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Governor: V.I. Energy Future May Include Natural Gas

Gov. John deJongh Jr. and former Sen. Basil Ottley, now a representative of the U.S. Department of the Interior, talk after the governor's speech at the renewable energy conference.Natural gas may be part of the solution to providing energy at affordable prices to the U.S. Virgin Islands, Gov. John de Jongh Jr. said Thursday in the keynote address of the of the Renewable Energy and Water Production Conference.

The two-day conference, "Harnessing Sun, Sea and Wind throughout the Caribbean," began Wednesday and was held at the V.I. Cardiac Center at St. Croix’s Juan F. Luis Memorial Hospital.

The conference, presented by Quality Electric Supply Inc., included panel discussions and workshops on such topics as financing and grants, water production and management, renewable energy strategies for residential and commercial properties, the role of generators in renewable energy projects, solar power, wind turbines and waste water management.

Scores of people representing power producers, government agencies and utilities were on hand.

DeJongh spoke about his administration’s efforts to reduce the territory’s dependence on fossil fuels, and of the economic boost such efforts can give the region.

The territory is still on track to achieve his goal of reducing the use of fossil fuels 60 percent by the year 2025, he said. “If we stay committed to the path it is very much achievable.”

The challenge is to do it in the midst of a sluggish economy, but the governor said one of the factors holding down that economy is also one of the big spurs for energy diversification, the closing of the Hovensa oil refinery. Now the territory has to wean itself off petroleum, according to deJongh, and is taking steps to do so.

One of those is exploring a transition from petroleum-fueled generators for the Water and Power Authority and switching to natural gas. It’s a long way from a done deal, and there are plenty of hurdles yet to overcome, but the governor said it’s a distinct possibility.

Natural gas is much less expensive than petroleum and much more abundant. There are also ample supplies of it in North America, which means there aren’t issues about being dependent on foreign oil. Across the United States utilities and refineries and big manufacturing companies are converting, and reaping big benefits, with electricity bills that are fractions of similar bills in the territory.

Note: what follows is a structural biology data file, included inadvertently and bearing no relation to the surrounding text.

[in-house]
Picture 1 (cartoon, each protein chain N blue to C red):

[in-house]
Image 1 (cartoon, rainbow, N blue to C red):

The conversion of WAPA’s generators from oil to natural gas is a straightforward mechanical engineering process, the governor said. But supply and storage are the big issues.

In the states, it’s just a matter of tapping into existing pipelines or building new ones. Out here in the Caribbean, the fuel has to be shipped in, and the amounts needed for the territory are relatively small and difficult to ship economically. If the fuel is shipped as liquid natural gas, a plant might need to be set up to convert it back to a gas.

One solution might be found 40 to 50 miles to the west, where Puerto Rico is also showing interest in converting to natural gas. With its larger population and industry, Puerto Rico would make it more economical to ship gas to the region, then barge it to the V.I., deJongh said.

And the U.S. Virgin Islands are just the first in a long chain of islands that could benefit from the less expensive fuel, he added, increasing the incentive for a business to set up a supply chain.

The territory is proceeding on a variety of other paths aimed at reducing dependence on petroleum, including recent contracts to install solar electric panels on both St. Thomas and St. Croix, wind turbines and investigation of creating an energy grid.

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